- Everyone is familiar with gravity, but few people know that it isn't actually a force.
- Don't worry; this strange concept can easily be demonstrated with just a bowling ball and a rubber sheet.
The Force is With You?
You may have heard that gravity isn’t a force. This is true, gravity is not a force. However, this leaves us with a number of questions.
For example, we’re commonly told that gravity “pulls” things towards massive objects. I know that, when teaching introductory physics (especially in elementary classes), some teachers and textbooks say things like, “Earth’s gravity pulls objects towards the center of the planet.”
But how can this be? Surely, gravity must be a force in order to pull things, right?
To begin answering these questions, you first need to understand that “accelerate” is the proper term, not “pull.” The truth is, gravity does not “pull” objects at all; rather, gravity warps spacetime, causing objects to follow the bends that are created and, as a result, they sometimes accelerate.
Meet the Rubber Sheet
To delve into this a bit more, thanks to Albert Einstein’s Theories of Relativity, we know that energy tells spacetime how to bend. In this case, mass is generally the most important part of the equation i.e., it is an object’s mass energy that bends spacetime.
So, in short, mass bends spacetime, and these bends tell energy how to move. In this respect, it is best to think of gravity as the bending of spacetime—like a rubber sheet is warped by a bowling ball, so spacetime is warped by massive objects.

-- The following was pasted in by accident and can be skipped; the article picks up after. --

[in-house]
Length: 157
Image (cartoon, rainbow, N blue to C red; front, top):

Just like a car travels down a road that has various twists and turns, objects travel along the path of these bends in spacetime. And, just like a car speeds up as it goes down a hill, massive objects create extreme bends in spacetime, and gravity is able to accelerate objects as they enter (or approach) deep gravity wells.
As an aside, we call these paths—the path that objects follow through spacetime—a “geodesic.”
To better understand how gravity works, and how it is able to accelerate objects, take, for example, the Earth and the Moon. The Earth is a rather massive object, at least when compared to the Moon. As such, our planet causes quite a bend in spacetime. The Moon orbits around our planet because of the warps in spacetime that are caused by the Earth’s mass.
So the Moon is just traveling along the bend—the dip, the downward slope, or whatever you want to call it—that our planet makes. In this respect, the Moon does not feel any force acting upon it, it is just following a particular path.
But why don’t all the asteroids and meteorites that pass our planet fall into orbit?
Ultimately, the path that an object takes depends on a number of factors, such as velocity, trajectory, and the mass of the respective objects. This is why, every day, there are a plethora of comets and asteroids that go shooting past our planet without being captured and thrust into a particular orbit. Likewise, every day, there are a plethora of objects that are captured by Earth and are pulled down to the planet’s surface (others may orbit the planet for a time).
Which will happen depends on the aforementioned factors (speed, trajectory, and so on).
If you want to know more about the relationship between gravity and the path that an object will follow, check out this source. It’s a good starting point that gets into some of the math behind the concepts discussed here.